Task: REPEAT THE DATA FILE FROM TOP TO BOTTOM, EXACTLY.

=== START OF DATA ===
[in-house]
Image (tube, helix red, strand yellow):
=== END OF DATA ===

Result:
[in-house]
Image (tube, helix red, strand yellow):